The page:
Thank God, everyone who was injured in the Chelsea bomb blast on Saturday, September 17, has left the hospital. We New Yorkers were lucky, honestly, really blessed considering the power of the blast. As the event unfolded, politics went on my news-junkie back burner for a few moments.
The night of the blast, I rode a Citi-bike over to Fifth Avenue and 23rd street, where people had gathered. There, you really couldn’t see much of anything, other than the nervous unease an event such as this one inflicts on New Yorkers. And then came reports of a second device on 27th street. A sense of dread fell over my body, for all sorts of obvious reasons. I headed back downtown, towards the Manhattan Bridge. While riding through the East Village, Lower East Side and into Chinatown I felt uneasy, worried that danger was lurking all around us.
Later, it became clear, that whatever asshole or group of assholes who committed this crime, was basically an amateur. The physical damage from the pressure cooker bomb was minimal. But, the psychological damage is ongoing. Still it’s manageable. It’s put our city back on high alert mode, which means we’ll see more of the city’s police force on the street and that’s reassuring. And, we’ll all be watching our streets, subways and even our fellow New Yorkers just a bit more closely. That’s okay. Vigilance has served New York City well over the past 15 years since 9/11/2001. We aren’t a paranoid people. You can’t live here and coddle danger or give credence to sensational headlines.
That said, I’d wager that the vast majority of New Yorkers don’t think highly of New York-based (or not) public figures who use tragic events for personal gain. Those self serving types who don’t have the integrity and maturity to know that in a moment of crisis, a true leader doesn’t capitalize on fear. Demagogues play that sort of cheap and lazy game.
I hate tossing politics into this conversation, but at no time in recent history, has the need for stable leadership been more critical. Here is video footage from “The Wall Street Journal” of both Presidential candidates responding or reacting to news of the bomb explosion in Manhattan. Both candidates’ tones, their command of knowledge and the venue in which both first spoke of the news from here in New York is very telling of how they would handle a crisis.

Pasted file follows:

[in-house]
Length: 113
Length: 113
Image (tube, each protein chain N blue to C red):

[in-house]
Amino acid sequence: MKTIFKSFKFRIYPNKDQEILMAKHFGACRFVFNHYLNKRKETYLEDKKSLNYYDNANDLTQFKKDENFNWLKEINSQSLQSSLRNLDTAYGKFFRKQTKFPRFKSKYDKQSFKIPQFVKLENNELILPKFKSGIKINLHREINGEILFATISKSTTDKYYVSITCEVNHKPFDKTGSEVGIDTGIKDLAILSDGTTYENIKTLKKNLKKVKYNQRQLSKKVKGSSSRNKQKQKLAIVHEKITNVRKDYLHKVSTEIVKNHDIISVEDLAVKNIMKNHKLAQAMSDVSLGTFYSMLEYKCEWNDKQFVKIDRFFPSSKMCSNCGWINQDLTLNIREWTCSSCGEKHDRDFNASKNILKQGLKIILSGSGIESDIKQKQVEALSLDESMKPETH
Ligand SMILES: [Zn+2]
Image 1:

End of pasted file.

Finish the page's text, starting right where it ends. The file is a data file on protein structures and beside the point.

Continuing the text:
Trump is emotional, speaking off the cuff. He calls the explosion a “bomb” before FBI or New York City Police Department had released that diagnosis to the public. He doesn’t seem to understand how reckless his pronouncement was.
What’s clear is that Trump was in the moment, as he often is, and he was only concerned with how he could spin this crisis in his favor. He used news of the bombing to spook an adoring campaign crowd and “sell” his get tough, “we’re going to crackdown” message. The Colorado Springs crowd just crows its approval.
P.S. Mr Trump, crackdown on what? Martial Law? We don’t even know what the motive of this bomber is yet? To think this man is one step away from the White House speaks poorly of our nation’s sense of hope.
Meanwhile, Clinton tells reporters it’s important to first know all the facts. She calls for widespread support of New York City’s first responders (cops, NYFD, EMT other NYC and fed officials on the ground) and prayers for the victims. And with the measured tone of a stateswoman, she says, they (her campaign) have been in touch with officials in NYC as the investigation unfolds, and says I’ll have more to say about it when we know the facts. She is meticulous, almost calming and careful with her language. She sounds like a leader.
The bombing in New York City is a grim reminder of why voters need to probe their conscience when they cast a ballot in November. We are in troubled times, uncertainty is our reality, and a steady hand at the top hopefully makes life for all of us a bit more secure. That said, our nation is divided and many people are hurting economically, socially and in other ways. But, the world is much too perilous to experiment with an unproven leader, at least for now.